In fact, Kevin Rudd followed a very clever policy of not differing much from Howard except on climate change. He portrayed himself as an economic conservative too, so on paper, there was really not much to choose between the two opponents. Rudd deliberately made it hard for Howard to attack him on policy, since he mirrored Howard on all his policies. He just happened not to be John Howard. He banked on voters' weariness with Howard. And it paid off.

Howard did not just lose the 2007 election. He lost his own seat. He was only the second sitting Australian PM to lose his own seat.

Such a dramatic and swift fall, and for no apparent reason. Howard did everything right, and even his critics had to grudgingly admit that he was one of Australia's best economic managers. Ultimately, the wind just shifted and, in the words of a columnist, "John Howard was yesterday's man".

Modi is not going to rule forever, even if it seems that way. One day, for no reason at all, the wind will shift, and that will be that.

Thursday, 21 January 2021

Squinting At India From Down Under

1. Proud Filer

Of late, some Indian friends of mine have started applying a badge to their profile pictures that says "Proud Filer". This refers, of course, to the fact that they have filed their taxes. The badge shows that India's Income Tax department is trying to provide positive reinforcement for this desired behaviour. All good and wholesome stuff.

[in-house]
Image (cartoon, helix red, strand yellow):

It's just a bit amusing to me. I'm sure people will call this snobbery on my part, but I see nothing to be proud about in doing what is expected and the norm. I have been filing taxes all my working life, both in India and in Australia, and I never thought it was something I should pat myself on the back for, with a badge on my profile pic and everything.

A typical profile pic with the badge of honour

In Australia, one is allowed to start working (part-time) after the age of 14 years and 9 months. (Until that arbitrarily defined age, I suppose it would be considered child labour and hence illegal.) My son started to work part-time at a library at around that age, and he filed his first tax return at the age of 15. Of course, since his earnings were well below the taxable threshold, he paid no tax that year. This continued until he got his first full-time job after graduation at the age of 23, at which point his income crossed the tax-free threshold and he began to pay income tax. But he had had to file his returns every year from the age of 15! It's an offence not to file a tax return if you've earned any income during the year. Whether your income crosses the tax-free threshold or not is beside the point.

I can understand that in a country with a low tax base and a low level of tax compliance, it's necessary to encourage the filing of taxes with a feel-good incentive like a badge. I suppose it's "one small step for an individual taxpayer, but a giant leap for the tax department and the economy".

What other expected behaviours can one reward with badges, I wonder.

"Proud Non-Litterer"
"Proud Follower of Road Rules"
"Proud Non-Payer of Bribes to Officials"

Apologies again for sounding like a snob. I'm still not able to get over my amusement at this.

2. Jobs for Kids